Editorial: Enough said!

Final words for 2013.
Final words for 2013.

What a nice way to wrap up the year, putting final words on paper.  2013 is all but over. A few more dark wintery days, evening walks amidst the Bogotá Christmas lights with nativity barns glowing on every corner.

Another year passes us by, and one, which for many around the world, ends with so heartbreak and tragedy. From widespread destruction in the Philippines by Super Typhoon Haiyan, to deadly tornadoes bearing down across the U.S Midwest, 2013 has shown us how defenseless we are in the face of extreme weather.

Weather has been driving a lot of the news in recent years, and in Colombia, we were blessed that events were mostly focused on the ground. It was a challenging year for many Colombians, and midsummer marked a breaking point for the country with an aggressive farmers strike which essentially halted food shipments to cities and forced many to think about agrarian issues: such as where our food comes from, and at a volatile time when the cost of living just keeps on rising.

We end the year a little wiser and in tune with a country that faces the monumental task of  some kind of peace and reconciliation. The talks between the FARC negotiators and government reach a year’s end in which many Colombians are weary of what was said, and what has been promised, at the negotiating table in Havana.

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From reaching agreements on a series of contentious issues such as land reform to the guerrilla’s possible participation in Congress, the initial optimism over potentially ending Colombia’s long-standing civil conflict appears to have tapered-off. The elections next year will prove decisive as to how this nation will forge ahead with the continent’s most radicalized guerrilla force in sealing a deal; even if an agreement reached will be hard to enforce.

President Santos has the moral obligation to find peace for his peoples, and this year, there were no real setbacks in Havana, showing a nation of skeptics that both sides do have plenty to say to each other. This ultimately, is a good thing.

The year presented challenges and opportunities to everyone. Bogotá struggled with a beleaguered Mayor. The garbage pick up got somewhat more timely after a draconian start, but the streets are still nowhere as clean as they once used to be. There was no offensive against crime, nor how to resolve the capital’s chaotic transportation. The capital just stumbled along.

While Bogotá seemed to be governed ‘in absentia’ or ‘by decree’ other cities embraced new found prosperity. Medellín continues to reinvent itself, and Barranquilla’s has earned the reputation of Colombia’s “boom town.”  Then Petro ousted from office! In a move which is resonating loudly and gaining momentum in the international press, we have to be alert as to the consequences of such a severe and sudden act by the Inspector General. We are following this breaking news story very carefully.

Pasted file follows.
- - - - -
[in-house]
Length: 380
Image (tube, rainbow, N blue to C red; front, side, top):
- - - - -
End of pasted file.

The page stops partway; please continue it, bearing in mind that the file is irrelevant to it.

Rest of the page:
Bogotá is home, and despite being critical in the pages of The City Paper regarding our quality of life, we have to appreciate where we are, and where we are heading. Our capital is enriched and diverse. From after hours entertainment to elegant orchid shows, there’s a plan for everyone.

This year we wrote alot of Bogotá’s exciting cultural scene, and the New York Times recently qualified our metropolis as one the global art cities to watch; given a write up in the Phaidon book “Art Cities of the Future: 21st-Century Avant-Gardes.”

Then, a flurry of travel articles on Bogotá and travel guides dedicated to Colombia. We seemed to be the darling of editors from Sydney to Tashkent. What they find so appealing in our potholes, I can only guess; but all in all, our government didn’t shut down, our climate was gentle, and despite so many who were crunched by cash, good times were had. So, with these words: Enough said.

As customary (and well into our 5th year), I leave this page with the following words of appreciation: I want to extend a very special thank you to all our advertisers who believed in us and helped drive our visibility this year. You know who you are! Thank you, Bogotá Beer Company (best brewery in the land!), thank you Crepes & Waffles (totally socially-responsible), thank you Andrés Jaramillo (King of good times). Thank you Empresa de Licores de Cundinamarca (we will toast in the New Year with a shot of award-winning Nectar). And to all of you whom I couldn’t mention, a very special thank you from Maria Claudia Peña (Co-founder) and myself.

To our writers and photographers: Get some well-deserved rest and may the words be with you next year. To our readers: Once again thank you for reading us and making The City Paper Colombia’s most reliable source for analysis, opinion and great story telling.


  1. Richard, I understand this is an opinion article, but why don´t you do the most basic of fact-checking?”There was no offensive against crime, nor how to resolve the capital’s chaotic transportation. The capital just stumbled along. – ”
    Homicide has dropped by 70% in the last two years. Do you think that is just a coincidence? You don´t think any of that can be attributed to the mayor making carring a firearm an arrestable offence? And you don´t consider that SITP buses that run until 1am and the Transmilenio operating along the Septima and the 11 a step towards dealing with the chaos that is the transport in Bogotá? I would have more respect for you if you just voiced clearly your opinions instead of dressing them up in uninformed, made-up statistics. And with regards to the San Agustin article… read up on the situation.


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